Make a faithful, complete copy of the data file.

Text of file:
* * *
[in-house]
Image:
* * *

[in-house]
Image: